There's a Swedish saying that directly translates to "repetition is the mother of learning." Or to quote Dan Dennett, "Every time you read it or hear it, you make another copy in your brain."
"Every time you read it or hear it, you make another copy in your brain."
("Every time you read it or hear it, you make another copy in your brain.")
So here's a trick to learning new stuff at poker: Focus on one thing at a time. Decide, before the session, what you'll be working on, and then let most of the other decisions ride on autopilot but take your time on the stuff you're trying to get better at.
Let's say, for instance, that you want to work on good spots to float the flop with weak hands. Before you start your session, you make some notes (mental or actual) about what matters when you make a decision to float or not to float. Position, board, opponent, pot size, etc. Whenever an opportunity arises to float the flop at all, carefully go through and assess all the points on your list before making your decision. After the decision is made and even after the hand itself is over, think through variations of that situation - let's say you decided that your hand was too weak to float. What would have been your break-off point? Or maybe you thought your opponent had too tight of a betting range to call him. How wide would his range have to be on that board with your holding for you to call? Etc. Think during the hand, but also after the hand and ignore most of the rest of the things happening on other tables; fold marginal hands, play on autopilot, whatever. Just focus on what you're here to learn. (Bonus tip: If your brain has a hard time keeping the previous train of thought going because there are new decisions to be made, fool it: talk out loud. "but what if my ace had been of hearts?" Brains are hard-wired to react to talking and you can easily trick yourself into thinking what you're supposed to be thinking about by "broadcasting" a question to yourself.)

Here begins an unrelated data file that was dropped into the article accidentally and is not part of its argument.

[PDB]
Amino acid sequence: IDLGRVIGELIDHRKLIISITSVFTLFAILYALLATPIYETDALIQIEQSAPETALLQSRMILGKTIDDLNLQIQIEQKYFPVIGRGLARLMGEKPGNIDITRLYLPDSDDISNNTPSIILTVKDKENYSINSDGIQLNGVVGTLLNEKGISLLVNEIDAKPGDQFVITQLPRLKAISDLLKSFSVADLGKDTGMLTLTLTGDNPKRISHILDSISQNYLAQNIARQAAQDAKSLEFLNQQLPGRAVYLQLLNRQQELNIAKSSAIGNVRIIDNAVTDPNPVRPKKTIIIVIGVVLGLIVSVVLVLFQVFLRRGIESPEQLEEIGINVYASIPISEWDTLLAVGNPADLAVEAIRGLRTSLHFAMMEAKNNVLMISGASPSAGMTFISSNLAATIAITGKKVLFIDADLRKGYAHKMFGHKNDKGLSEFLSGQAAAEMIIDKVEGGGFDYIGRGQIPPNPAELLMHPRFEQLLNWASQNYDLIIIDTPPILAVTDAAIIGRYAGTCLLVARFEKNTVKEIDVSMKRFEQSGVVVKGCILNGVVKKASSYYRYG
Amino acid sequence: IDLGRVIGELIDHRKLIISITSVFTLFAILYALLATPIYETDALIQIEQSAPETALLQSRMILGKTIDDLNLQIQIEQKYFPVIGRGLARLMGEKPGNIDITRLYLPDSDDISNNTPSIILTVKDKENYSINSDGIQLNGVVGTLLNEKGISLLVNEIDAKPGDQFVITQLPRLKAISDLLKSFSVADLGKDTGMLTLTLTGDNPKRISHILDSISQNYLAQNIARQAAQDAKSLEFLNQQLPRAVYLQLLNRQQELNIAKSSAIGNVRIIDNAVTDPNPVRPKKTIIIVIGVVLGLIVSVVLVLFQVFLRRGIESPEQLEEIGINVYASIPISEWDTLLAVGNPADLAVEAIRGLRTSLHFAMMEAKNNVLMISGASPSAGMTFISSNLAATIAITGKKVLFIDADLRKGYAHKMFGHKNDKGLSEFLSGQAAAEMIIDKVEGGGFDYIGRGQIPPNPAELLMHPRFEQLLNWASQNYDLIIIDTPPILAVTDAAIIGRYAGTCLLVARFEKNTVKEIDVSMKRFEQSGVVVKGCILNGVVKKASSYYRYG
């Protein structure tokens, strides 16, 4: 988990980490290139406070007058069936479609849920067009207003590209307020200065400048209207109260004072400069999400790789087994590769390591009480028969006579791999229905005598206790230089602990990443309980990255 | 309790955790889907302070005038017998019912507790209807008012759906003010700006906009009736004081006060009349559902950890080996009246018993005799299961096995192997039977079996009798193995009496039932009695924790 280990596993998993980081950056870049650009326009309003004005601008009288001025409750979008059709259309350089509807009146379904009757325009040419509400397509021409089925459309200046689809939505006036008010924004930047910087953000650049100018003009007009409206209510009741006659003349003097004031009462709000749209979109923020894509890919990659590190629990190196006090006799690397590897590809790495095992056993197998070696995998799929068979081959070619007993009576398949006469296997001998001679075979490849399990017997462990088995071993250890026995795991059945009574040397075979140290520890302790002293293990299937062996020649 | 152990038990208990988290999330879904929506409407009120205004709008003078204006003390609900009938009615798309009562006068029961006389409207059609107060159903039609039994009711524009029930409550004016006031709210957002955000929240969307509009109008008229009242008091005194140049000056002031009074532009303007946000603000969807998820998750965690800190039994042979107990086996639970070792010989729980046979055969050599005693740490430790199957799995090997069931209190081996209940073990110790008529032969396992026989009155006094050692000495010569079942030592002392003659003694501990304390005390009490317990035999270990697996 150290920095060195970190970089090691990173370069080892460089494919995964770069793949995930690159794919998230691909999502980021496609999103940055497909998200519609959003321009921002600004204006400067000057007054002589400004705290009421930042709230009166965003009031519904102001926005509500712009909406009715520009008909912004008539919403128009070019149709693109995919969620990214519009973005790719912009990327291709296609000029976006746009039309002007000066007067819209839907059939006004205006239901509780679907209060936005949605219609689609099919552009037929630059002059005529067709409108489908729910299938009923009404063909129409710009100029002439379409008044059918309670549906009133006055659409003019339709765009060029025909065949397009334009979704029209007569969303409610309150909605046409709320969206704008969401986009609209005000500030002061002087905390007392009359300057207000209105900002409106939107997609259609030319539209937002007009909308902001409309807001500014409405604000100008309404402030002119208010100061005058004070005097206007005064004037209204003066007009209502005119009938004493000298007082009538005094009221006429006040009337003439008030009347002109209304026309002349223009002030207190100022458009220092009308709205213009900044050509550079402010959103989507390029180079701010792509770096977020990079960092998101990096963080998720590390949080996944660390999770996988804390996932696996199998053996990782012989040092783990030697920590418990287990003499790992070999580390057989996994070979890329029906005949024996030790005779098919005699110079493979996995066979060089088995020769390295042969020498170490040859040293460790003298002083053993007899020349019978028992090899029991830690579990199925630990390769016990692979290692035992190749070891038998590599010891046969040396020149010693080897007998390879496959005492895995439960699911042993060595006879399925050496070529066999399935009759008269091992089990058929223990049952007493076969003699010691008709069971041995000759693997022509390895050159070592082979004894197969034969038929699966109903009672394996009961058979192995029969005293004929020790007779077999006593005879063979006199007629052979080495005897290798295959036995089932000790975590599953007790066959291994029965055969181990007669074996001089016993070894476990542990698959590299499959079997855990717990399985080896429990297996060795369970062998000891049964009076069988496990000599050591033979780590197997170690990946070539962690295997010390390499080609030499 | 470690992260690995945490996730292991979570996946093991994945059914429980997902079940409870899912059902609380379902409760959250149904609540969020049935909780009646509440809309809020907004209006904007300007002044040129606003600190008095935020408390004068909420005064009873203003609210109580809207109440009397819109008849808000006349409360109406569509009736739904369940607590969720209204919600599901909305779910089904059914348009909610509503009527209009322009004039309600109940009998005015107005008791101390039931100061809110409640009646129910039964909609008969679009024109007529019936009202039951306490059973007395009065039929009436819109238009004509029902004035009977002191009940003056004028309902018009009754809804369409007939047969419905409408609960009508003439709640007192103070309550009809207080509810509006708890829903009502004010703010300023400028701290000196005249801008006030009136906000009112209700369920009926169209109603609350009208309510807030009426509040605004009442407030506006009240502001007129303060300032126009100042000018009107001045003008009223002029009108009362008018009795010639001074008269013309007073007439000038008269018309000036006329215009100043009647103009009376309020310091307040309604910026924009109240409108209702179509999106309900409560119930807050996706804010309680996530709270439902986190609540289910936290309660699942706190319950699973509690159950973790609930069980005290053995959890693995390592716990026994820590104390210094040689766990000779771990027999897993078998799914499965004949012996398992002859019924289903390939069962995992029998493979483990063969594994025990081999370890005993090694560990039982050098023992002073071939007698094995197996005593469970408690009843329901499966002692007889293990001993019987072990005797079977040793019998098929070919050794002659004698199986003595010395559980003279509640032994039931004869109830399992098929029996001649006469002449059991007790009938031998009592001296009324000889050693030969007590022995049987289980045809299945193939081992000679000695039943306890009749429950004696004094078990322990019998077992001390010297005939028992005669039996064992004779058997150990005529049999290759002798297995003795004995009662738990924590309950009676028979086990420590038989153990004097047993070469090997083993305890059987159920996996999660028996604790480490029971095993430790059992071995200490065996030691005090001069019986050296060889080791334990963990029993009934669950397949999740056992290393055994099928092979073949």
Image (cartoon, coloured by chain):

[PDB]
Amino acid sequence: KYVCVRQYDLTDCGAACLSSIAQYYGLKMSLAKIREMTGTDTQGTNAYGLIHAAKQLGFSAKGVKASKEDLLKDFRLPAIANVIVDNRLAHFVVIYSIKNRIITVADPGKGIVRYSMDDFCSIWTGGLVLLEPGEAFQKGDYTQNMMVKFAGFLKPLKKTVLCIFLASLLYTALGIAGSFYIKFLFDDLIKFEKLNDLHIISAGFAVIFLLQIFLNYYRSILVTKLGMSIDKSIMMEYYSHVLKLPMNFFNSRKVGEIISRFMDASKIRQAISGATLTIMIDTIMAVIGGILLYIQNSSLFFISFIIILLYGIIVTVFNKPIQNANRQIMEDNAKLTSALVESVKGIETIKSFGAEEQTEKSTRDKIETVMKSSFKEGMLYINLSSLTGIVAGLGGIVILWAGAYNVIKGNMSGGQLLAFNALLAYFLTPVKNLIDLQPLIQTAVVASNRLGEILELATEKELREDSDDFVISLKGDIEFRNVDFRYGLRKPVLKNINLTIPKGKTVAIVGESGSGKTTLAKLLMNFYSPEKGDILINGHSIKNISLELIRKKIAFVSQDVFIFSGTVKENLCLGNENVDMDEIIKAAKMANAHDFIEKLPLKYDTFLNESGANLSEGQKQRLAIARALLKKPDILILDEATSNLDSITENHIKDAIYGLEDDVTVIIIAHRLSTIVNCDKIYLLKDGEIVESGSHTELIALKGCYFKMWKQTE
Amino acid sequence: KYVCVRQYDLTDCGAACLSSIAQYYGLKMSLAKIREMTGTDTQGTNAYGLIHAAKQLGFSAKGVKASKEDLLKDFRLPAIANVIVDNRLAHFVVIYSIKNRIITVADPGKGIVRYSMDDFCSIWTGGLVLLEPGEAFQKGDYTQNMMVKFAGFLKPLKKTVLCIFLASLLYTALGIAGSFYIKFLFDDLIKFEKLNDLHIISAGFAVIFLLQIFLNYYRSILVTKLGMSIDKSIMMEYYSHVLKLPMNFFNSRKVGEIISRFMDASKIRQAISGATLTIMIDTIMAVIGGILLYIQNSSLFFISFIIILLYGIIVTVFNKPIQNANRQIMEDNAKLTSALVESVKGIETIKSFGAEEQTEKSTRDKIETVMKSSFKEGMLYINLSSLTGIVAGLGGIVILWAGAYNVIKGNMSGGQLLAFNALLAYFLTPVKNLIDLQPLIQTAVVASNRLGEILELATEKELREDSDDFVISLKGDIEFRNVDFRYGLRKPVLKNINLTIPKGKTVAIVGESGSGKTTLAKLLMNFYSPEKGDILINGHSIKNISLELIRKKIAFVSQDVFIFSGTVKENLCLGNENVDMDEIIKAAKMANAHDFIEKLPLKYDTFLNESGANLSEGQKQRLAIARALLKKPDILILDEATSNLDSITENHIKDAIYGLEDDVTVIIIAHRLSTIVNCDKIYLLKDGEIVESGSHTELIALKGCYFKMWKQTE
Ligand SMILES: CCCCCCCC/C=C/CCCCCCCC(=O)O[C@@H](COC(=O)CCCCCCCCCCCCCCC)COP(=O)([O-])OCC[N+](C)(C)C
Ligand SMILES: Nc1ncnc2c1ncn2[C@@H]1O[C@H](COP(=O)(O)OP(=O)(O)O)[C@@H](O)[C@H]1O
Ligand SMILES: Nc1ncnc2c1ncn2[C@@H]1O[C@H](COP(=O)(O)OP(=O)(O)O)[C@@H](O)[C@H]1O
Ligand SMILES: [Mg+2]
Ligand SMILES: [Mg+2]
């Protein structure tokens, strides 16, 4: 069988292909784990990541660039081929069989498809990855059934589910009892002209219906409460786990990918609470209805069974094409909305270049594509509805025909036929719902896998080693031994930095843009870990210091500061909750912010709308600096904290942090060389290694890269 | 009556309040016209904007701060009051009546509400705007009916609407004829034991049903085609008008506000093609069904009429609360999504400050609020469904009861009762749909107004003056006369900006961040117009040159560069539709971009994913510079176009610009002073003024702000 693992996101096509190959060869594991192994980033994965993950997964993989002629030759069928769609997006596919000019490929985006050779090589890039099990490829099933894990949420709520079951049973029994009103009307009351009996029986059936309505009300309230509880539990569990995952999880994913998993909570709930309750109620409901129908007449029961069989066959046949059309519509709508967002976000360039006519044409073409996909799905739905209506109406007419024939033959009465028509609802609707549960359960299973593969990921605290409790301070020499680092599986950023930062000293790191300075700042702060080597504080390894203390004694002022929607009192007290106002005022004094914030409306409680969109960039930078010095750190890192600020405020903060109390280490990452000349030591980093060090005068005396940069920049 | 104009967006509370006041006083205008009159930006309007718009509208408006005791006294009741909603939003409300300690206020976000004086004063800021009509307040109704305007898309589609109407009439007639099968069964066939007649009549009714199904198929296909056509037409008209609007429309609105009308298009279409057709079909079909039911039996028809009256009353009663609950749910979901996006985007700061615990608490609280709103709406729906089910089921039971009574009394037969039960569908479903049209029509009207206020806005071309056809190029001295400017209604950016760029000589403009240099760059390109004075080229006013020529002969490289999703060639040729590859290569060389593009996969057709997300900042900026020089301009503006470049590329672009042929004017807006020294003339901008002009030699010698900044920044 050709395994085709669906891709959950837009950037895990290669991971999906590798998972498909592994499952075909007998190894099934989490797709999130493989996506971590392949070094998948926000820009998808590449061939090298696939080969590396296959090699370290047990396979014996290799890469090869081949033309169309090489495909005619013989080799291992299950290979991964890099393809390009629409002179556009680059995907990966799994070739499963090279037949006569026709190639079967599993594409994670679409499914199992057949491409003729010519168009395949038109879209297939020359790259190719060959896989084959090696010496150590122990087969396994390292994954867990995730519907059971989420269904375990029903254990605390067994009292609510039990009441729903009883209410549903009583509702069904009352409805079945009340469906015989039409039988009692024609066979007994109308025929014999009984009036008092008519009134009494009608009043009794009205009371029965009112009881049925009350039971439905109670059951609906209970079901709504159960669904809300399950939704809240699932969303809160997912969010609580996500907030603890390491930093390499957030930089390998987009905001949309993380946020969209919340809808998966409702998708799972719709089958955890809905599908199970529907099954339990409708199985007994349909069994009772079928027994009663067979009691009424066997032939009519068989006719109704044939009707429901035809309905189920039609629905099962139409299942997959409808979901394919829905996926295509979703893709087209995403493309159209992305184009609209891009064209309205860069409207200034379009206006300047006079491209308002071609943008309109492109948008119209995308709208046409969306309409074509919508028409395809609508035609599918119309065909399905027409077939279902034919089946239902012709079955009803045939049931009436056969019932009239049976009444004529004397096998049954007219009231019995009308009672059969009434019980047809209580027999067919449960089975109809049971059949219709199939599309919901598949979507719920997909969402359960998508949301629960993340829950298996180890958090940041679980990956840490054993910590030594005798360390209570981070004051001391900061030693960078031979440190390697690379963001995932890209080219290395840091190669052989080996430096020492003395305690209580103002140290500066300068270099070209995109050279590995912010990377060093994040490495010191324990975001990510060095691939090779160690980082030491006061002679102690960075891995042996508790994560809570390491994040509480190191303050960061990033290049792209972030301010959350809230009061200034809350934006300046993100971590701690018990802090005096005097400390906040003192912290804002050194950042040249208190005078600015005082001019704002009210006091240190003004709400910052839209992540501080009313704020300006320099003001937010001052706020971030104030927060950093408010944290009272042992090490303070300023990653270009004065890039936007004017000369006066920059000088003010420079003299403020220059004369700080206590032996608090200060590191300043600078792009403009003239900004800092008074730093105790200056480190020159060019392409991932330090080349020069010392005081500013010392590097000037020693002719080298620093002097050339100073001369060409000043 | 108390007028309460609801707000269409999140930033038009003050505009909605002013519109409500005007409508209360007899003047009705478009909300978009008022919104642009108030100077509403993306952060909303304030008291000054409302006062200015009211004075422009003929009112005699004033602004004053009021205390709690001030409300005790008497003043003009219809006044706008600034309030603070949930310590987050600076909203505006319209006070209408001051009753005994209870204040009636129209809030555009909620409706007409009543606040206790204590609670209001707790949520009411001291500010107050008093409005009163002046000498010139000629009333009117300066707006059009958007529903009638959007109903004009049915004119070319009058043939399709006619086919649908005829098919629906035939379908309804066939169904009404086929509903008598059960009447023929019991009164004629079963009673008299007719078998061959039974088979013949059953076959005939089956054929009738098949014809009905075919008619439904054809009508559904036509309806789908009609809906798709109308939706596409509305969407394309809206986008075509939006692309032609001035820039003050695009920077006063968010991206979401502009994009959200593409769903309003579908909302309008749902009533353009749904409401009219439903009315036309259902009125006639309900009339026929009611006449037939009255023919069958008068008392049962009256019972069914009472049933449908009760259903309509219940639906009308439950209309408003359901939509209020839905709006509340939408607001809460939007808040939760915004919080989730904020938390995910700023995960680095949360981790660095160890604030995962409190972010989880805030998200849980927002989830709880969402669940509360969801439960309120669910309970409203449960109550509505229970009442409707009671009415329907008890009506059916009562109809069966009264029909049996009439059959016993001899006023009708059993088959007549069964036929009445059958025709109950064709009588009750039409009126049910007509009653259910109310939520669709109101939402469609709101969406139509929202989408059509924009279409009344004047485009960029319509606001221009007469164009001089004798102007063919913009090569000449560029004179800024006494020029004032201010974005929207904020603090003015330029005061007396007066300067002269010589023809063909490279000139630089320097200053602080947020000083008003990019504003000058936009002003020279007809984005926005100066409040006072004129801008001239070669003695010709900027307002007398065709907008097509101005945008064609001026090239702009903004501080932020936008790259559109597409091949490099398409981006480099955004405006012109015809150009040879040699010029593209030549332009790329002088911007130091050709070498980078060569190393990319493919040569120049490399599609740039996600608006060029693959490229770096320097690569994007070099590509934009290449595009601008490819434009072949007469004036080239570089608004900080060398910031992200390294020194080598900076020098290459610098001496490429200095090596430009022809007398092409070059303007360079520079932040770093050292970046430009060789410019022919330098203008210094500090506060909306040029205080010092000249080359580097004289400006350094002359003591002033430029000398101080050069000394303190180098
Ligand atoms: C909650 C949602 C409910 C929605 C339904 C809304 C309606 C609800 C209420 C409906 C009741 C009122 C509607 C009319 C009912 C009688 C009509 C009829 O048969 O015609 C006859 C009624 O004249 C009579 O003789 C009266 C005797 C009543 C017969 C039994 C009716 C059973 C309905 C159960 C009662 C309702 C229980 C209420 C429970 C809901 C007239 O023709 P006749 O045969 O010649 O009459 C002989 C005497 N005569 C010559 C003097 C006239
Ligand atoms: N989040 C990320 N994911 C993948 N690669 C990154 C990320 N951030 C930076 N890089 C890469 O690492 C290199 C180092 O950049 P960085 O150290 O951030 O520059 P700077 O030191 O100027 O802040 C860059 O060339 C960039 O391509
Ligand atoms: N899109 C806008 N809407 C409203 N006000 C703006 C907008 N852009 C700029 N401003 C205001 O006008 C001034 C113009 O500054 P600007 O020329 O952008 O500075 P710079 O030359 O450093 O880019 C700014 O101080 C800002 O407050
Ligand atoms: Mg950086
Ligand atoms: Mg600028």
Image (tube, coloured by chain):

The idea is that after sufficient number of situations (which, depending on how tricky the concept is, can vary) you'll internalize it. You gain lots by varying the situation you just played in your head; it's like increasing the number of trials you play by 100%. After awhile you'll know, almost instinctively, when you should be floating and when you shouldn't. By then, you move on to the next concept that you want to get better at. What you're doing, effectively, is improving your autopilot. Every time you own a new concept, the next one will be easier to learn because you'll have one more situation where you don't have to think through your decision consciously.
Now consider the opposite approach: Trying to apply a bunch of different concepts that you don't really own yet all in one session. What you'll get is confusion, which can lead to frustration, which very often will lead to tilt. And you won't actually come away having internalized anything at all; you'll probably get a little bit better at each of the things you're trying to learn but it's an inefficient way of learning.
"Trying to play well" is important. But it's not a great way to learn new things; it's in fact a very inefficient way to learn. Dusty Schmidt touches on this in his book and compares it to a golfer who tries to "implement eight swing thoughts his next time on the course" and I think it's an apt analogy. Mastering one play means upgrading your autopilot, which will make the next learning experience, if not faster, then at least more profitable.